The Fall 2013 Issue of Computers and Composition Online represents the field’s ongoing attention to the ways that technology mediates and remediates (ala Bolter & Grusin, 1999) writing as process across genres and modalities. Equally important, such processes are grounded in contexts that cross disciplines and spaces and, as a result, are aligned with the larger field of rhetoric and composition’s turn to post-process.
Our Theory into Practice section highlights these relationships through several compelling contributions. In “Composing Text / Shaping Process: How Digital Environments Mediate Writing Activity,” Derek Van Ittersum (Kent State University) and Kory Lawson Ching (San Francisco State University) call for awareness of the impact of “distraction-free” writing tools upon the act of composing, as opposed to the use of higher end, proprietary word-processing packages that have users attending to format perhaps even more so than content. Relying upon a cultural-history activity theory framework (CHAT), as well as upon the practices of small sample of bloggers who make use of distraction-free software, the authors conclude that the tools we use to write “can focus attention to particular aspects of writing, or they can create an immersive, interactive experience that motivates writers.” This emphasis on tools also drives Jude Edminster’s (Bowling Green State University) “From Manuscript to Digital: Remediating the Geology Field Notebook.” Edminster reports the results of her observational research into Geology students’ “use of two writing technologies in the field: (1) the traditional manuscript field notebook that practicing geologists regularly use to record data in the field, and (2) pocket PCs used to enhance the basic skills necessary for fieldwork and to enable students to perform digital mapping.” For Edminster, such research has the potential to help both technical communication scholars and discipline-specific composers better understand the mediating roles technologies of writing have upon knowledge-making.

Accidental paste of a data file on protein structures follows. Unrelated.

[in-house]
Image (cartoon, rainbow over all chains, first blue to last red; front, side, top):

Indeed, As Carly Finseth (Texas Tech University) suggests in “An Open Source Composition Space: Redefining Invention for a New Technological Age,” open source has the potential to make such knowledge-making a highly collaborative act. As part of her argument, Finseth asks several important questions: “How might we use notions of ‘open’ to enhance our own forms of composition, as well as broaden our ideas of authorship? How might it extend traditional ideologies of collaborative academic scholarship? And what lessons might we learn from open source culture and practices that could be applied to the writing classroom?” Ultimately, those lessons move us not only to “open source” but also to “open invention,” which, as Finseth contends, foster more desire, motivation, and joy in composing and learning. The emphasis on the power of new media spaces in enabling writerly identity is just as significant for Paul Muhlhauser (McDaniel College) and Kelly Bradbury (College of Staten Island). As they note in “Moving Images: Slideshows, Rhetoric, and Representation,” “We see opportunity in digital spaces in what they afford or allow us to do with imagery, but we also understand that these different display technologies also constrain how we represent ourselves and others.” Through a series of examples and the overarching visual metaphor of the slideshow, the authors ground their point in the understanding that both static and dynamic visual interfaces have relative affordances for users that should be explored and articulated in a practical, experimental fashion. Such experimentation is evident in our final piece in this section, Zach Warzecka’s (University of Texas at El Paso) “Lost In Translation: Emplacement, Disruption and Digital Videography.” In this four-part video essay, Warzecka relies on examples from the field and a range of interviews with colleagues to document how, despite our best efforts, we continue to define “digital videography through the inventional lens of conventional textual composition, limiting the relationships scholars can maintain with videographic production.” Warzeka concludes that we must shift our understanding of video as a potential composing tool from its presumed role as a supplement to a role that enables its primacy as a meaning-making technology.